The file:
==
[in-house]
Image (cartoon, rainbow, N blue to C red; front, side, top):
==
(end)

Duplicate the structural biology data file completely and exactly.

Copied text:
[in-house]
Image (cartoon, rainbow, N blue to C red; front, side, top):